• Non-Pay Cancellations – Effective March 16, 2020, we will not generate any cancellation notices due to non-payment of premium until April 15, 2020.  This will give policyholders an additional 30 (thirty) days to make a payment before a cancellation notice is generated. If a non-payment cancellation notice was generated prior to March 16, 2020 (prior to the governmental actions) the payment will be required by the date listed on that non-payment notice to avoid cancellation.

Working with our staff

Our staff is available to assist you and prepared to work remotely if needed.  We will have all telephones transferred to employee cell phones to avoid communication interruptions.  We are prepared to continue business as usual during these unusual times. 

We have suspended all face to face agency meetings until further notice.  Any previously scheduled meetings will be rescheduled or changed to a teleconference.  You will be contacted by your Underwriter or Marketing Representative regarding changes.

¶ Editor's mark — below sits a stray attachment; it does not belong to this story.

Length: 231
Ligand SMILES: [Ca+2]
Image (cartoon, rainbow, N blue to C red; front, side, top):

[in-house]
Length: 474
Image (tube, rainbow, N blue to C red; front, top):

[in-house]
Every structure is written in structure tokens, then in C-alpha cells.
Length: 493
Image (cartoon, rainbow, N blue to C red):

Please keep in mind that this is a very fluid situation and we will continue to monitor the situation and adjust our practices accordingly going forward.  The practices above are in-place for thirty days and we will reevaluate at that time.  

Please check our website regularly to stay updated on any future changes. 

We appreciate your assistance and cooperation in these trying times.

Richard Welch

President & CEO

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Tailored Policies for Business Owners like you